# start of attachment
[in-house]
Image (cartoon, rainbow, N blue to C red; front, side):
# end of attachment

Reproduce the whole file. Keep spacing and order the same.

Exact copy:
[in-house]
Image (cartoon, rainbow, N blue to C red; front, side):